Is Sochi Safe for the Olympics?

 Is Sochi Safe for the Olympics?

The PR Verdict: “D” (PR Problematic) for Sochi and the winter Olympics.

The winter Olympics aren’t set to begin for another two weeks, but they’re already off to an uneasy start. Yesterday, video was released to the media by alleged terrorists who threatened to target the games and the Russian host city of Sochi.

These winter games and their setting already had a controversial relationship. As Russia passed laws hostile to homosexuals and lesbians, athletes both straight and gay protested. When tensions between US President Obama and Russian President Putin mounted over NSA file leaker Edward Snowden, Obama said early on that he’d be a no-show at the games. Then, in January, two deadly suicide bombings in Volgograd cast a bleak shadow over the impending competition and provoked questions about safety.

Yesterday, video of two men allegedly with Anars Al Sunna, an Islamist group, was released to the media. The men claim responsibility for the attacks in Volgograd, calling them “only a little example, a little step,” of what may come. President Putin promised to “do whatever it takes” to protect all attending the games. But US Congressman Mike Rogers (R-MI) said American officials working with Russia “found a departure of cooperation that is very concerning.”

THE PR VERDICT: “D” (PR Problematic) for Sochi, host city of the winter Olympics and target of terrorists.

THE PR TAKEAWAY: Truces can be temporary and lead to victory. Russia and the United States have always had uneasy relations and will likely continue to do so. But in times of crisis, such as when terrorists are openly threatening, there is an opportunity for both sides to come together and win. Shake hands, forge forces and work as a team. When the games are done, everyone can go back to the way things were. But the Sochi 2014 Winter Olympics could go down in history for an entirely different, and positive, reason.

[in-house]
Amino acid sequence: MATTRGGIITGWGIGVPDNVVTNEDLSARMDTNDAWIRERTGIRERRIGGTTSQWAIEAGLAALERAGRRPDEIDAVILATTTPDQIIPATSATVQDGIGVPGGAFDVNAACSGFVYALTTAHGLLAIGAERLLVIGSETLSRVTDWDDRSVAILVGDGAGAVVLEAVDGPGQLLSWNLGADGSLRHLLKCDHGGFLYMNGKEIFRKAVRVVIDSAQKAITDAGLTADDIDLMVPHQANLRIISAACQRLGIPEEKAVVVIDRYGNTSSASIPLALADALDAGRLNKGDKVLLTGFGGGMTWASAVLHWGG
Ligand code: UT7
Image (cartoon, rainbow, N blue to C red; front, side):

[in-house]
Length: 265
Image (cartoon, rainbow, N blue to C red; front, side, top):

Sochi Media Won’t Include Social Media

soc olympics1 Sochi Media Wont Include Social Media

THE PR VERDICT: “D” (PR Problematic) for sponsors of 2014 Sochi Winter Olympics.

If it weren’t offensive, it might be almost quaint: an Olympic sponsoring committee seeking to impose arbitrary limits on social media. That’s what organizers of the 2014 Winter Olympics in Sochi, Russia, are trying to do. Journalists covering the games will lose their credentials and be booted out if they take and post unauthorized photos or video with a smartphone. It’s possible that specators will face restrictions on photography as well.

The motivation here is more profit than censorship. The Games are big business and event organizers understandably want to wring every conceivable rouble from their sponsorship. To do that, they want absolute control of images, and there’s precedent for such an effort: Organizers of the 2012 London Summer Games sought similar clampdowns on use of social media.

As for censorship and eavesdropping, fear not, comrades: the Russian government has the games hard-wired and will be monitoring all communications, filtering as needed.

THE PR VERDICT: “D” (PR Problematic) for the Sochi Games sponsors and their control issues.

THE PR TAKEAWAY: Accept forces beyond your control or risk coming to grief. Social media is like a fire hose you can’t turn off – your best bet is to keep it pointed in the right direction. Competition in this case is among the athletes, so there is reduced reputational and competitive downside for  the organizers. Instead Sochi’s sponsors could channel their repressive impulses in a different direction to promote goodwill without affecting profit – a photography contest, for instance? Better to channel the wisdom of crowds than to risk their wrath.